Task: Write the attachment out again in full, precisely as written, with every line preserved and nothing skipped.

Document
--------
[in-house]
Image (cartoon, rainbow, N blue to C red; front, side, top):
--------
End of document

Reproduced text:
[in-house]
Image (cartoon, rainbow, N blue to C red; front, side, top):